Journal Scan: New insights on treating hypertension in cats
Kathryn Primm, DVM, owns Applebrook Animal Hospital in Ooltewah, Tennessee, but has a growing career as a writer, a speaker and an online voice for veterinarians and pet owners alike.
A recent study suggests that cats presenting with higher blood pressure when diagnosed with hypertension could benefit from greater doses of amlodipine.
fantom_rd/Shutterstock.comHypertension is common in older cats (especially those with chronic kidney disease), and amlodipine besylate is the primary treatment of choice. It acts by blocking L-type calcium channels in vascular smooth muscle and is classified as a second-generation dihydropyridine. Current guidelines suggest a daily dose of 0.125 to 0.5 mg/kg (though cats with higher body weights may require higher doses) with regular blood pressure screenings and appropriate dose adjustments.
The mechanism for high blood pressure in cats is still poorly understood, but we do know that cats suffering from chronic kidney disease are at a greater risk of developing hypertension, and even an increase in plasma creatinine concentration alone has been found to be an independent risk.1 To date, no consistent link has been found between high blood pressure and the renin-angiotensin-aldosterone system.2
A recent study set out to answer two questions:
Do individual cat factors (such as age, weight, heart rate, systolic blood pressure (SBP), creatinine, urea, sodium and potassium) influence the amount of amlodipine a cat needs to control its blood pressure?
Other than the drug dose, are there other factors that affect plasma amlodipine concentrations?
One hundred cats, all 9 years or older and all previously diagnosed with and treated for systemic hypertension, were included in the study. Using a noninvasive Doppler technique, all of the cats had their SBP measured. If a cat's average reading was ≥ 160 mm Hg, one drop of tropicamide 1% was added to both of its eyes before undergoing an indirect fundoscopy in order to ascertain the presence of hypertensive retinopathy.
A diagnosis of systemic hypertension was declared when the cats had SBP measurements that were ≥ 170 mm Hg at two consecutive checks. Cats with SBP ≥ 160 mm Hg that also showed signs of hypertensive retinopathy on the fundoscopy received the same diagnosis. Cats were further classified by the presence of chronic renal disease if their creatinine concentrations were ≥ 2 mg/dl twice in a row less than two weeks apart or if their urine specific gravity was less than 1.035.
The study cats were given 0.625 mg amlodipine besylate orally once a day, and blood pressure readings were taken one to two weeks later. As the target SBP was determined to be < 160 mm Hg, cats with higher measurements had their amlodipine doses doubled on follow-up visits (up to 2.5 mg per day).
Once a patient reached an SBP measurement < 160 mm Hg, its blood was drawn in order to see if the antihypertensive treatment had had any effect on kidney function. Blood and urine samples were taken every 16 weeks. Only those cats that achieved blood pressure control at 0.625 mg and 1.25 mg were included in the analysis, and only those blood samples taken at the time of the adequately controlled SBP reading were used to measure amlodipine concentrations.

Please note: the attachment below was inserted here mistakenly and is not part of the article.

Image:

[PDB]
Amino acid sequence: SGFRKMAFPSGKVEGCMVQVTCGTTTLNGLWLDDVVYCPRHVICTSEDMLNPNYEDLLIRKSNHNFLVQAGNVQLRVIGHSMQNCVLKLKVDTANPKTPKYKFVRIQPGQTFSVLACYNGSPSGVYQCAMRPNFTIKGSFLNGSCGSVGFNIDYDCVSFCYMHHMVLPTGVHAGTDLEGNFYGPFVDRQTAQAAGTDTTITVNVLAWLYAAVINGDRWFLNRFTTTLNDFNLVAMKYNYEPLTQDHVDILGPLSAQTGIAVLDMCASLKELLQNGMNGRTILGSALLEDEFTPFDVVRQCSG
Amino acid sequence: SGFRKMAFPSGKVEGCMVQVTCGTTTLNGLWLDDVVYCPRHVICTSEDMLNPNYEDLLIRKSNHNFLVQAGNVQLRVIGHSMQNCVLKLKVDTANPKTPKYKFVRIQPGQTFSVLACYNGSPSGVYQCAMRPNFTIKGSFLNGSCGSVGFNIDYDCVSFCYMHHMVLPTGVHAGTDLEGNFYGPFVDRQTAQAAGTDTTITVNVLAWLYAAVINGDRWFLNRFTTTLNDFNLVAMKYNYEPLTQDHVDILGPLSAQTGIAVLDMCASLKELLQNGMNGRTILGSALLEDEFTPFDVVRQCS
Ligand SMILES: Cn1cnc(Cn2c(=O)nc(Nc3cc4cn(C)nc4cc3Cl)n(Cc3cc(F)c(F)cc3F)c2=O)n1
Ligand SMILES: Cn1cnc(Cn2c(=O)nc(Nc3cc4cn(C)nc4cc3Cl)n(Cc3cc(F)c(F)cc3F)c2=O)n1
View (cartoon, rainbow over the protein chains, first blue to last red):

The researchers used liquid chromatography to evaluate amlodipine concentrations in the plasma of each cat. Cats that were not given amlodipine and cats receiving various other feline medications served as controls.
Cats that presented with a higher SBP needed higher doses of amlodipine to achieve control, and proportionately higher levels of amlodipine were observed in the plasma of cats that had received higher doses of the drug. This suggests that an individual cat's response to the drug cannot be explained by its amlodipine pharmacokinetics or by owner compliance, though it's worth noting that the study only included cats that hit the target SBP.
Based on the findings in this study, 1.25-mg doses of amlodipine could be considered for cats with systemic hypertension that have an SBP ≥ 200 mm Hg. However, the patient's blood pressure should be closely monitored after one week of treatment because there are case reports of people developing severe hypotension after an amlodipine overdose.3 Ultimately, more studies are needed to better understand the the relationship between SBP and plasma amlodipine concentration.
Bijsmans ES, Doig M, Jepson RE, et al. Factors influencing the relationship between the dose of amlodipine required for blood pressure control and change in blood pressure in hypertensive cats. J Vet Intern Med 2016;30:1630-1636.
Link to full study: https://www.ncbi.nlm.nih.gov/pmc/articles/PMC5032874/
1. Bijsmans ES, Jepson RE, Chang YM, et al. Changes in systolic blood pressure over time in healthy cats and cats with chronic kidney disease. J Vet Intern Med 2015;29:855-861.
2. Jepson RE, Syme HM, Elliott J. Plasma renin activity and aldosterone concentrations in hypertensive cats with and without azotemia and in response to treatment with amlodipine besylate. J Vet Intern Med 2014;28:144-153.
3. Rasmussen L, Husted SE, Johnsen SP. Severe intoxication after an intentional overdose of amlodipine. Acta Anaesthesiol Scand 2003;47:1038-1040.